Monday, August 01, 2011

Nazi Germany Techonology used in Cold War Aircrafts part 1

Much has been said about the use of German technology in the development of modern aviation, but wanted to make a visible comparered look to all of these theories and show they are indeed true, we get some fotos from some Nazi Germany secret projects and compared them with several aircraft of the post-war period it becomes immediately apparent that the similarities are many not only in aircrafts from the USA and its allies both also in aircraft of the Soviet Union.
This technology transference is now well documented in this Blog  hope you like

Messerschmitt P.1101

By the time an American infantry unit discovered the Oberammergau complex on 29 April 1945, the V1 prototype was approximately 80% complete. Wings were not yet attached and appear to have never had skinning applied to their undersides. The airframe was removed from the nearby tunnel in which it was hidden and all associated documents were seized. There was some lobbying by Messerschmitt Chief Designer Woldemar Voigt and Robert J. Woods of Bell Aircraft to have the P.1101 V1 completed by June 1945, but this was precluded by the destruction of some critical documents and the refusal of the French to release the remaining majority of the design documents (microfilmed and buried by the Germans), which they had obtained prior to the arrival of American units to the area.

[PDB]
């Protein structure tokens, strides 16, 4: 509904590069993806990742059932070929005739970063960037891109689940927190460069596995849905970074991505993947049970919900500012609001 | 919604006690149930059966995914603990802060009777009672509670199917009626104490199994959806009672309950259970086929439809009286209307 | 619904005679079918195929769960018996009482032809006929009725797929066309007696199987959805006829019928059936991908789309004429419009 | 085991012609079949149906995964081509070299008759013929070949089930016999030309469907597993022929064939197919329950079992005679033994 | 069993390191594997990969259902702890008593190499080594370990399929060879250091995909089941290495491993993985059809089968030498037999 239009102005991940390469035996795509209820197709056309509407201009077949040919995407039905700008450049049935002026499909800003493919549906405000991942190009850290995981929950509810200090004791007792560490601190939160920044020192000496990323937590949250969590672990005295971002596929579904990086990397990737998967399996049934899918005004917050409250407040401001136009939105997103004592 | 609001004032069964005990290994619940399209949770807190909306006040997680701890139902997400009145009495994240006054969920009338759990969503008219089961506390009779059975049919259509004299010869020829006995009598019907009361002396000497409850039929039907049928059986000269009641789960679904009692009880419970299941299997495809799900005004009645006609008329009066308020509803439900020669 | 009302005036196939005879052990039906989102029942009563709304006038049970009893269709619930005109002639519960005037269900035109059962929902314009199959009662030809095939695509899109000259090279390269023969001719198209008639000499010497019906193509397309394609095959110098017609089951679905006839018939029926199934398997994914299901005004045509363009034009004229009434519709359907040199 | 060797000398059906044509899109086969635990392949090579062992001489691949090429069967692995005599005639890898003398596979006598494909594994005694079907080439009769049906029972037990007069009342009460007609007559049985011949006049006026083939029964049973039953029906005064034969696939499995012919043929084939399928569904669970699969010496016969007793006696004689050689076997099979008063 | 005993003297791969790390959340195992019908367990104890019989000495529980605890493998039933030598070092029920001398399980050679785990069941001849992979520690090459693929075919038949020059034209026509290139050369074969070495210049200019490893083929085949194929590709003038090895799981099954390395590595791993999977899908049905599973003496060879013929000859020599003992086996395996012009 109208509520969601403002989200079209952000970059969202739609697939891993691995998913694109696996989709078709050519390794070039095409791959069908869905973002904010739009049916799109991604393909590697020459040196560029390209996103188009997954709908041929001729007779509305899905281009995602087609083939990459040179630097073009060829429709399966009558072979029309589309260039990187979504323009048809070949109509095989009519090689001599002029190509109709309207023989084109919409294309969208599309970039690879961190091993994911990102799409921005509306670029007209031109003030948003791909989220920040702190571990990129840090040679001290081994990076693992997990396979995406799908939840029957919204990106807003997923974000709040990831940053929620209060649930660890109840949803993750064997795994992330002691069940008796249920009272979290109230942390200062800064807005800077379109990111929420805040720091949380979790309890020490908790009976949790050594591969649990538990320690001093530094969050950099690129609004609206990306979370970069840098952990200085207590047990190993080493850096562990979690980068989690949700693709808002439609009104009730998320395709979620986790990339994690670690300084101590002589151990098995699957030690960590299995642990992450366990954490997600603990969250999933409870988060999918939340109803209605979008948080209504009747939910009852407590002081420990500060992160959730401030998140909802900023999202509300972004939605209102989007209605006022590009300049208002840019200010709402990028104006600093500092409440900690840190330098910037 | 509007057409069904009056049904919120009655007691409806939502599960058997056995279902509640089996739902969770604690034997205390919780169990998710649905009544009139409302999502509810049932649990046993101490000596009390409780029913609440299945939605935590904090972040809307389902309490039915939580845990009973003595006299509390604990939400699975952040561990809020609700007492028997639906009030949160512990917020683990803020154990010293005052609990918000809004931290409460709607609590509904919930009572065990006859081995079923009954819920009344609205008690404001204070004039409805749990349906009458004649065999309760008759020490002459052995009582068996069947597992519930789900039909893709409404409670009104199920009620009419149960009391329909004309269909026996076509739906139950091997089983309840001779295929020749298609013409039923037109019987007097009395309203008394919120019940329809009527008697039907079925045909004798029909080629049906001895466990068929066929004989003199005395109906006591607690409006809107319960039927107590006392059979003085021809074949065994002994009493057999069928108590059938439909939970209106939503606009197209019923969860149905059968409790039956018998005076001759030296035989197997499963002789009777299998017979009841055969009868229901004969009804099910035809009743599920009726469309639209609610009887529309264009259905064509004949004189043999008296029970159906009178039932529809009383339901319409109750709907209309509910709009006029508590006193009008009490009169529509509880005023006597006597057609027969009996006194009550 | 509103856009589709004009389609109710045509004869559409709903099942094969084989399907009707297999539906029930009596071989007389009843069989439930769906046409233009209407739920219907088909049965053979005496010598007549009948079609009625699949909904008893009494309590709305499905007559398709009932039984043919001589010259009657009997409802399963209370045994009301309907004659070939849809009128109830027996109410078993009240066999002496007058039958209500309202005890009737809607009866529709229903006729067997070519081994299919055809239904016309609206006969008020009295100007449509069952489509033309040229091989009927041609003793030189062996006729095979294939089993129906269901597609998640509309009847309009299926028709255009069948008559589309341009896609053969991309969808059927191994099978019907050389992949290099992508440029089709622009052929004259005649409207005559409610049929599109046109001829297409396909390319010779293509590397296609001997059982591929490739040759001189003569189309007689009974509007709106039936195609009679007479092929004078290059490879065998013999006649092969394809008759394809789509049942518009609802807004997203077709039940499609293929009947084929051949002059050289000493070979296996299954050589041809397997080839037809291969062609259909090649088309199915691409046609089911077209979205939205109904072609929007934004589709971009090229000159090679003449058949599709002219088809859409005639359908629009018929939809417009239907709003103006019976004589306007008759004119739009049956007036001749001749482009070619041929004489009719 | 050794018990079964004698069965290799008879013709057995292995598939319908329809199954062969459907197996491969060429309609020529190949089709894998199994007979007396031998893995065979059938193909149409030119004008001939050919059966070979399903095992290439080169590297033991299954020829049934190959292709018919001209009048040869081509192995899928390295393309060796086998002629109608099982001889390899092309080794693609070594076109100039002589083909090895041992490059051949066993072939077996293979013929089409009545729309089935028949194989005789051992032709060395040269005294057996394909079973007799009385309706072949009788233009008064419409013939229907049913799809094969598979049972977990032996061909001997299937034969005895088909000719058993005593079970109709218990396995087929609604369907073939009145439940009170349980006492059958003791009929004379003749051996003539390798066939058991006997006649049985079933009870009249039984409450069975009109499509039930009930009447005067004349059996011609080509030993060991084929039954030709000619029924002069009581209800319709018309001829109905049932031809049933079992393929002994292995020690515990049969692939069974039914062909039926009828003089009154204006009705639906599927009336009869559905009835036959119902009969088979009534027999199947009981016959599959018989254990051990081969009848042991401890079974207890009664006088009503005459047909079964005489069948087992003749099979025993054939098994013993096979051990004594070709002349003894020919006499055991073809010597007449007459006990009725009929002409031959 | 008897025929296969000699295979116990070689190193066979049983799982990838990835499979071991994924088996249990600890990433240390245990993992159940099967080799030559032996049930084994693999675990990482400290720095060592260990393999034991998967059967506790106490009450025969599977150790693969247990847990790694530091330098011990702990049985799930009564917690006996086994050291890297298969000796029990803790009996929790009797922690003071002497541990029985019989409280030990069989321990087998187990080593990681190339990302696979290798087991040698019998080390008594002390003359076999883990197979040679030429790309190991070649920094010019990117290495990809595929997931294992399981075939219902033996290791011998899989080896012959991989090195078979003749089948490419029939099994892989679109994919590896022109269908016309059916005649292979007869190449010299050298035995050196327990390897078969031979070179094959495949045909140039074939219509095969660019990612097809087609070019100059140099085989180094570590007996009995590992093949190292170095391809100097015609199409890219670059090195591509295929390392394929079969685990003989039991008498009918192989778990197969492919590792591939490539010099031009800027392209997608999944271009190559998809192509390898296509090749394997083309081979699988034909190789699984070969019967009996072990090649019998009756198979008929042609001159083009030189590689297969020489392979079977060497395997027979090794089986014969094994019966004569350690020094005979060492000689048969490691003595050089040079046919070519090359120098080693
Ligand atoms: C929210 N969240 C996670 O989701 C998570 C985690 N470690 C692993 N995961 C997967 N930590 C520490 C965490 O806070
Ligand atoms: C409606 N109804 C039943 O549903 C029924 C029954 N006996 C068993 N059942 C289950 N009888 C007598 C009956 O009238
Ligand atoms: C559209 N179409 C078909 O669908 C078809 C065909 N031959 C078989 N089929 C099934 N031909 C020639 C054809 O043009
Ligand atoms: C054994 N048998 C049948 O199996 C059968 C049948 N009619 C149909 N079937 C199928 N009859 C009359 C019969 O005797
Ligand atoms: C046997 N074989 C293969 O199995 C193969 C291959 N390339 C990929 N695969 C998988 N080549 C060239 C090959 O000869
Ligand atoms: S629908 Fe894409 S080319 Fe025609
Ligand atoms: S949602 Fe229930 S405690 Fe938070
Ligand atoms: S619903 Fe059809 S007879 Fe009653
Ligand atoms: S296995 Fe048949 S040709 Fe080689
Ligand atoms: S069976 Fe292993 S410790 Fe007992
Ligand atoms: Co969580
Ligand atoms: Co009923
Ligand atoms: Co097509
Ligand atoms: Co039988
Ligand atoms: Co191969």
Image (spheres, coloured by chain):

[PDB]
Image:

The airframe, considered of no intelligence value after an interview with Voigt revealed its many design flaws, was put on outdoor display and became a favorite prop for GI souvenir photos. The prototype was shipped first to Wright Patterson AFB, then to the Bell Aircraft Works in Buffalo, New York in 1948. Damage ruled out any possibility for repair although the Me P.1101 design components were subsequently used by Bell as the basis for the Bell X-5, which was the first aircraft capable of varying its wing geometry while in flight. It is interesting to note that several engineers, including Bell's chief engineer Robert Stanley, resigned in protest over the decision to proceed with Woods' pet project, which in the end indeed verified the considerable basic design faults. The remnants of the P.1101 were scrapped in the early 1950s.